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Marco Moonwalker Gerry Boland Illustrated by テ(ne McGuinness


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Marco Moonwalker

was in the house one morning when I heard the sound of Mum’s trombone coming from the garage. I went outside and sat on the back step and listened. She was playing a tune I hadn’t heard before. It was hard to describe – kind of sad and lonely, but beautiful too. The sort of tune that gets into your head and stays there. She didn’t stop playing, even when I turned the door handle, which was loose and made a lot of noise. I opened the door a little, stuck my head through the gap, and couldn’t believe what I saw. 7


Marco was sitting in the far corner, playing Mum’s trombone. He had his eyes shut and a sort of faraway look on his face. It was the same expression that he wore whenever he was thinking about his old home in the Rockies. I closed the door and tiptoed out again. 8


A little while later Marco came in to the kitchen to make himself a cup of tea. ‘Marco.’ ‘Patrick.’ ‘What was that tune you were playing on Mum’s trombone?’ He nearly dropped the teapot he was holding. 9


‘Don’t tell ’

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‘Don’t tell your mum I was playing her trombone. She’d be mad.’ Mum never got mad, at me or at Marco. Especially at Marco. She thought Marco could do no wrong. ‘I didn’t know you could play the trombone. Did they teach you how to play it in the zoo?’ ‘They didn’t teach me anything in that place. There was a tune in my head … the trombone was on the shelf … so I played it.’ ‘You played a tune that was in your head on a trombone that you never learned to play? Marco, you’re a genius.’ ‘I am?’ ‘A true genius. That probably means you can play any instrument.’ ‘I don’t think so. The music that was in my head was a trombone sound.’ 11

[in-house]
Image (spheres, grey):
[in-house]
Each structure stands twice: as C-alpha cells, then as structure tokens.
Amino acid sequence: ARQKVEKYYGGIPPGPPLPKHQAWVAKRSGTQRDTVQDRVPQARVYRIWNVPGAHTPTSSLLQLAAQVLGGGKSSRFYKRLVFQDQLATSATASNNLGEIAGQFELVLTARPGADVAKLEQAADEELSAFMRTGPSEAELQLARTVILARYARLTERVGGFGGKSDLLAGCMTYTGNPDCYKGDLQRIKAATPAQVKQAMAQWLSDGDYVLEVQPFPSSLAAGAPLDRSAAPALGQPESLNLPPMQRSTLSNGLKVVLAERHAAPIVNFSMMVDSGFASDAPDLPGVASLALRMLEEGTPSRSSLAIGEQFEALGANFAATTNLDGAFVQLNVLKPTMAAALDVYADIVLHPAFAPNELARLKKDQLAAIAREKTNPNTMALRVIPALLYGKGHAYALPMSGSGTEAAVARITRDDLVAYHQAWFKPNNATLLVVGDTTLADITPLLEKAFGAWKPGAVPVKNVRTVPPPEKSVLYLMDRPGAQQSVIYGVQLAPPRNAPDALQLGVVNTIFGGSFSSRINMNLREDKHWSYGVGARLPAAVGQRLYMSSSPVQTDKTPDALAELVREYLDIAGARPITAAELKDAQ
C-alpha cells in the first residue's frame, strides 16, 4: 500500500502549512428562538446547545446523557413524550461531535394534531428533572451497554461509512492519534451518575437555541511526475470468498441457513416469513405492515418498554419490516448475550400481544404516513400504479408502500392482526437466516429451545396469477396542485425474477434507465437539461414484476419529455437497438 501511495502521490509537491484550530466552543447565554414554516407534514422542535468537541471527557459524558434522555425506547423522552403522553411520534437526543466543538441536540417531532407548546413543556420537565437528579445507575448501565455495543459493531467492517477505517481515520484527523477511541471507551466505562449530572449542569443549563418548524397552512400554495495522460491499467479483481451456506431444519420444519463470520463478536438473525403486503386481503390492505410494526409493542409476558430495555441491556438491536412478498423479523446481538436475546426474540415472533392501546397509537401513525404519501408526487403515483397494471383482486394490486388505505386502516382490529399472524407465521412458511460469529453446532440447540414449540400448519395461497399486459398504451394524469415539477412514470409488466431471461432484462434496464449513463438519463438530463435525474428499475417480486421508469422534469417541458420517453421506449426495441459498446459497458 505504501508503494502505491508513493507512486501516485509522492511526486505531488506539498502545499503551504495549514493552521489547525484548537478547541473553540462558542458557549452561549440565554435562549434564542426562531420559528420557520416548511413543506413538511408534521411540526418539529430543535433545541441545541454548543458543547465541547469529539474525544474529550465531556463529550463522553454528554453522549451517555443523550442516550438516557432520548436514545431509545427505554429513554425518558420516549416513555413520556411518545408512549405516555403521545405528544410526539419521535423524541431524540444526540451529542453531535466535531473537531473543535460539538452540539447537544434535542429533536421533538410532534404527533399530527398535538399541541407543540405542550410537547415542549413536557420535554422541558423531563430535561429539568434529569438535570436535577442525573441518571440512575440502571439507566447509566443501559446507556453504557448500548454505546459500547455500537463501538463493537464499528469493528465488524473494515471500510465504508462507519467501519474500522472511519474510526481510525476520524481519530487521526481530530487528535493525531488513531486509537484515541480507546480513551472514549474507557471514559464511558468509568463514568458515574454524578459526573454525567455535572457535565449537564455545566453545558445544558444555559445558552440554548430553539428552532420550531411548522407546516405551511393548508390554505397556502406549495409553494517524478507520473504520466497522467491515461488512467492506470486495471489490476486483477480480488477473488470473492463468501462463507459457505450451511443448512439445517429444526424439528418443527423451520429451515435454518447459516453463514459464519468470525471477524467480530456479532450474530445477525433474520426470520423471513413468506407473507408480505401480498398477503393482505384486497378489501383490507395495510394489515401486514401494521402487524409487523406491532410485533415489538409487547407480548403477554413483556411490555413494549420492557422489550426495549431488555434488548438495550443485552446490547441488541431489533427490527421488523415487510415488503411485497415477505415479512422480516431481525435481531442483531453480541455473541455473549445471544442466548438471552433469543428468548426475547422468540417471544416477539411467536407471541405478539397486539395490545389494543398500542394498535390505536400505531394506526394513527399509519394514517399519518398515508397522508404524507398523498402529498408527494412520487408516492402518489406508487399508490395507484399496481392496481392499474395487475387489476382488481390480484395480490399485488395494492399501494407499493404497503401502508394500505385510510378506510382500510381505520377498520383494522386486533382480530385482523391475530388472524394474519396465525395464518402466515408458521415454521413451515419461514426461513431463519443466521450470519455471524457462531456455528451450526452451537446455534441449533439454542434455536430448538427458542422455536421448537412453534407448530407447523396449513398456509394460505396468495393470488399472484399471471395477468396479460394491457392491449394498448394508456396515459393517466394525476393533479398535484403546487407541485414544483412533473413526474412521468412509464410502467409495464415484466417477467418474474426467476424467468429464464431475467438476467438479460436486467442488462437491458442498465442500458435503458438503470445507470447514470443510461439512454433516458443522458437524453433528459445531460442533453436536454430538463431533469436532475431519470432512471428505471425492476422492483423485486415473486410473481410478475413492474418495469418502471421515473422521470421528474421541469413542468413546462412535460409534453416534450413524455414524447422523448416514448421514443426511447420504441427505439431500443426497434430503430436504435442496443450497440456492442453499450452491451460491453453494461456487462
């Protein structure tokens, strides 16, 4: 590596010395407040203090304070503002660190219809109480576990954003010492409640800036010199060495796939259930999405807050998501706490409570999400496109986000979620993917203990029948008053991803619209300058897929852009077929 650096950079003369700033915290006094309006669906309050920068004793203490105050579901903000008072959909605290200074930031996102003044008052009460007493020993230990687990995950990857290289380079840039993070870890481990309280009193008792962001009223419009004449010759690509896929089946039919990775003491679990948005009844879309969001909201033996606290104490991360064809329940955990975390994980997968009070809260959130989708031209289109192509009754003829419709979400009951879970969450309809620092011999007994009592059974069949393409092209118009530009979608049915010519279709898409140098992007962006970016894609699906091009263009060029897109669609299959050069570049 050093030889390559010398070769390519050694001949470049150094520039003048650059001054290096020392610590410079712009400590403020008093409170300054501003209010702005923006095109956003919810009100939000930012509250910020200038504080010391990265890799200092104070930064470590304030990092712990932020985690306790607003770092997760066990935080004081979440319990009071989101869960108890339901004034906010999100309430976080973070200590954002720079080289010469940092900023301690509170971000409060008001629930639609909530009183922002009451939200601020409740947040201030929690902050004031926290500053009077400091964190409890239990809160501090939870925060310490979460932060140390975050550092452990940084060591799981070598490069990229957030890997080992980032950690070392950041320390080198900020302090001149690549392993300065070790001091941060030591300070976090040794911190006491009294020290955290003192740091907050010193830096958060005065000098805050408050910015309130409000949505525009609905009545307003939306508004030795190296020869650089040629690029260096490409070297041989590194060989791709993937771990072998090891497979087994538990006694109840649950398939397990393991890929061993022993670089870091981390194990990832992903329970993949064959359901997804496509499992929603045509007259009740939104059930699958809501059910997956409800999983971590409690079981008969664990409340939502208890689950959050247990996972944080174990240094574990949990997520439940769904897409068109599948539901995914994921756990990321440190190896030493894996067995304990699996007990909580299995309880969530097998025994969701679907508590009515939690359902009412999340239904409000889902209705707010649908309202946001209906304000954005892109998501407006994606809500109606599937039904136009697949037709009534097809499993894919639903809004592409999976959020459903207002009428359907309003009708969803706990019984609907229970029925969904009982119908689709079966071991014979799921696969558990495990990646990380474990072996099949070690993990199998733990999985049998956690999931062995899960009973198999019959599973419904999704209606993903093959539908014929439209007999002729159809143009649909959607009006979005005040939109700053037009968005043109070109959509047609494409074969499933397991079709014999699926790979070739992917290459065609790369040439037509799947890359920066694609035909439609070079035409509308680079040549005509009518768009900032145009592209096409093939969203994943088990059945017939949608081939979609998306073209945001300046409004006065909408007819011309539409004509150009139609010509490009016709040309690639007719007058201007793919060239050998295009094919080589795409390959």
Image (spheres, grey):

‘Don’t you hear any other instruments in your head?’ ‘I had a tune in my head yesterday that wasn’t a trombone sound.’ ‘What was it?’ ‘A banjo, I think.’

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‘Are you sure it was a banjo?’ He closed his eyes for a long moment. I could tell he was playing the tune in his head. ‘Definitely a banjo,’ he said. ‘Jamie’s dad has a banjo,’ I said. ‘He lives just down the road. I’ll ask if I can borrow it.’ Ten minutes later we were both back in the garage and I had a banjo in my hand. ‘Here, have a go.’ He took the banjo from me. It was tiny in his big paws.

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Marco Moonwalker